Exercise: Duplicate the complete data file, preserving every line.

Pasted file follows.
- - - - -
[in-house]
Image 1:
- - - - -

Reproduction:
[in-house]
Image 1: